I think the world is changing quite a bit, and we're really becoming focused more on large corporations taking over most of the ownership of not only properties, but products that are sold. I know in my city, I live in Victoria, BC, every day small businesses are closing. So not only supporting diverse founders, but supporting the small businesses. Because from my history as a provincial lawyer for 14 years working in a really large organization, once organizations have more than even 500 employees, it becomes more of a bureaucracy. I don't want to say that's where innovation goes to die. I'll just say it. It's the small business owners that have this fire in their belly that are up at 3:00 AM trying to figure out how they're going to save the world, and that's really what we need to support. And I'm a big proponent of supporting all small business, but where you can support the ones that are diversely lead because they definitely are fighting the biggest battles.

 

Melissa Fifield:

Well, you are an inspiration to me, certainly, and I think to a lot of our listeners as well, Susan. Thank you so much for joining me today.

 

Susan Blanchet:

You're welcome. Thank you for having me, Melissa.

 

Michael Torrance:

Thanks for listening to Sustainability Leaders. This podcast is presented by BMO Financial Group. To access all the resources we discussed in today's episode and to see our other podcasts, visit us at bmo.com/sustainabilityleaders. You can listen and subscribe free to our show on Apple Podcasts. We're your favorite podcast provider and we'll greatly appreciate a rating and review and any feedback that you might have. Our show and resources are produced with support from BMO's Marketing Team and Puddle Creative. Until next time, I'm Michael Torrance. Have a great week.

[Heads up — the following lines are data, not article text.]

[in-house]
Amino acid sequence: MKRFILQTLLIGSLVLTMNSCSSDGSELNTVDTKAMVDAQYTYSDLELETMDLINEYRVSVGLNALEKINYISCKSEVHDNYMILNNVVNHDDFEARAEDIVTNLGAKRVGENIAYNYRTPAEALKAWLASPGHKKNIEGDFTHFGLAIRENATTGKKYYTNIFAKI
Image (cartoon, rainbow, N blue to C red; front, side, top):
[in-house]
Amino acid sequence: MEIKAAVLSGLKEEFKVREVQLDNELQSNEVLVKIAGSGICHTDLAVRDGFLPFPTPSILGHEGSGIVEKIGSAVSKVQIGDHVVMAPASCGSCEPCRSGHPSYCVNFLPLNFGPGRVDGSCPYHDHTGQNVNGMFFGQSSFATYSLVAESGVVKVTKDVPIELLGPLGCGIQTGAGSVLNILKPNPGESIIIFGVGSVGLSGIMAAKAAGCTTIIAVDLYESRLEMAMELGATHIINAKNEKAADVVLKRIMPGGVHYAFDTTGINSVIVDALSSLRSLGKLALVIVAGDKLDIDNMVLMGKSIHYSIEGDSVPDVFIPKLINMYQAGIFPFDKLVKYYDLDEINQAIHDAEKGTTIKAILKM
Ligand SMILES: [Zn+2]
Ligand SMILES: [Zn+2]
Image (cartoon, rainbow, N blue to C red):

Speaker 6:

For BMO disclosures, please visit bmocm.com/podcast/disclaimer.


 

Menna Farouk:

I believe that scooters and bicycles are a great way to get around, and I want to help more people, especially women, to learn how to ride them safely and confidently and without being affected by any social stereotypes.

 

Michael Torrance:

Welcome to Sustainability Leaders. I'm Michael Torrance, Chief Sustainability Officer with BMO Financial Group. On this show, we will talk with leading sustainability practitioners from the corporate, investor, academic and NGO communities, to explore how this rapidly evolving field of sustainability is impacting global investment, business practices and our world.

 

Speaker 3: